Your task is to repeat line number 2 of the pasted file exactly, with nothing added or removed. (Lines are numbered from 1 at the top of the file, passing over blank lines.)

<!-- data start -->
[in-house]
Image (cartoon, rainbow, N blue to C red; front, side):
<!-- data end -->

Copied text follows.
Image (cartoon, rainbow, N blue to C red; front, side):